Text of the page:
China’s low GDP target gives Beijing room to address market risks
An investor looks at an electronic board with stock information in a brokerage house in Nanjing, Jiangsu Province, China.
BEIJING – Shares in mainland China have fallen in recent days as authorities set a relatively low GDP target and signaled a move away from measures designed to keep the economy alive in the wake of the coronavirus pandemic.
The Shanghai Composite is down more than 5% in the past five trading days. According to Wind Information, losses this week have accelerated to their lowest level since December. Other mainland stock indices like the Star 50, which tracks big names on the Technology Stock Board, and the CSI 300 have fallen nearly 8% or more in the past five trading days.
The indices rose on Wednesday after US markets recovered from a recent sell-off overnight.
After the sharp gains in mainland China over the past six months, investors are focusing on two things, Tai Hui, chief Asian market strategist at JPMorgan Asset Management, said on Wednesday.
One of them is concerns about a withdrawal of supportive fiscal and monetary policies based on comments from China’s annual parliamentary session. The other is the sell-off in the US market, especially high-soaring technology stocks, he said.
Top People’s Bank of China and Banking Supervision officials warned of financial market risks this month. Your comments stand alongside China’s biggest political event of the year, the “Two Sessions” parliamentary session.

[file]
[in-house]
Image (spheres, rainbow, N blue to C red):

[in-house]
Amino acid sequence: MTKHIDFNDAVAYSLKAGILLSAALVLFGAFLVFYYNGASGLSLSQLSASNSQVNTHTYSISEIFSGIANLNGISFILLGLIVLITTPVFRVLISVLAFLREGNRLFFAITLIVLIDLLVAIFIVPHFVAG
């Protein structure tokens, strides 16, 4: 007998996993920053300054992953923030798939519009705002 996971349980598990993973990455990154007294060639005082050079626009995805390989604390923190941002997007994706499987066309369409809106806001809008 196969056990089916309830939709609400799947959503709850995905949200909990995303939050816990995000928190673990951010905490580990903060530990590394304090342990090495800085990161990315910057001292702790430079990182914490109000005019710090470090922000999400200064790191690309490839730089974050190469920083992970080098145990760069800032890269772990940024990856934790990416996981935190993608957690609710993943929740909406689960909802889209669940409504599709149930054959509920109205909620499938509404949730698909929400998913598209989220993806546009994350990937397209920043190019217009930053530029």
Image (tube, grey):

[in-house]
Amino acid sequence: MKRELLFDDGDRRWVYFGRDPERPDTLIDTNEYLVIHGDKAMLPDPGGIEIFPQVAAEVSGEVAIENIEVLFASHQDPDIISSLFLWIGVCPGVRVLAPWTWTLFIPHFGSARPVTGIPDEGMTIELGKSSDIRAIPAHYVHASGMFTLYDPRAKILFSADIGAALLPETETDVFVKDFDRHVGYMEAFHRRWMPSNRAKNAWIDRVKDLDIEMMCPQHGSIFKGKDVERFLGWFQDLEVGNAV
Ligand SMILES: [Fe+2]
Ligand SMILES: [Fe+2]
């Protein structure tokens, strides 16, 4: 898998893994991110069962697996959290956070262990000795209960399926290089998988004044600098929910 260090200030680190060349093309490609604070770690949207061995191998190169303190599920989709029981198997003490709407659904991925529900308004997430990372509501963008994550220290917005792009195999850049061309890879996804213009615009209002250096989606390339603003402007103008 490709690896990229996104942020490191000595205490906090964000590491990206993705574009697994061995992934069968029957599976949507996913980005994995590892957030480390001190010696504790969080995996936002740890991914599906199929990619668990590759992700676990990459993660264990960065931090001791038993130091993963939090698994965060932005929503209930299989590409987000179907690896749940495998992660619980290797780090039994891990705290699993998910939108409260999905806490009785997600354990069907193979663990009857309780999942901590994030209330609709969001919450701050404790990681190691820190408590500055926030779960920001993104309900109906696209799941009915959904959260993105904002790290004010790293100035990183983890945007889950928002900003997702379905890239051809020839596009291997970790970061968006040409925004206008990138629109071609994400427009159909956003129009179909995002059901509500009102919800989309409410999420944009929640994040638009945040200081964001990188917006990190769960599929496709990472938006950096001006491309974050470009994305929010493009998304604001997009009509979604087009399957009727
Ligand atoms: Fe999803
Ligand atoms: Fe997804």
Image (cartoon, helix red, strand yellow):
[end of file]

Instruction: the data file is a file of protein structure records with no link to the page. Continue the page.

China sets “very conservative” GDP target
At the meeting, Chinese Prime Minister Li Keqiang announced on Friday that the country would aim for GDP growth of over 6% for the year, which many economists estimate is at the low end. Li said no new bonds would be issued to respond to the pandemic and that deficit and inflation targets would be lower than last year.
In a report on Monday, Citi analysts called the GDP growth target “very conservative” and said it would ease pressure on policymakers to grow rapidly and allow them to take tighter measures to contain the risks in stocks and shares seize the real estate market.
As a result, they expect authorities to limit the growth in lending and the potential amount of capital that could be used to buy stocks. Citi analysts estimate the CSI 300 could fall 10% from its level on Friday March 5th.
The CSI 300 fell by around 4% compared to the close of trading on Friday from Wednesday noon.
Economists in China have been watching US markets closely, where government stimulus and a rise in the US 10-year Treasury yield have raised some concerns about the risk of “imported inflation”. So far, domestic measures for such price increases have remained cautious. China saw its consumer price index fall 0.2% year over year in February and its producer price index rose 1.7%.
Long term investment themes
Instead, given the recent sell-off and details of the country’s five-year development plan beginning this year, market strategists are pointing to longer-term opportunities for Chinese stocks.
The development roadmap, known as the 14th Five-Year Plan, aims to improve China’s technological capabilities, enhance the role of consumption in stimulating economic growth, and address issues such as China’s aging population.
Xuan Wei, chief strategist of China Asset Management, said in a note that he is optimistic about investment opportunities in technology, consumer trends and medicine in the medium to long term.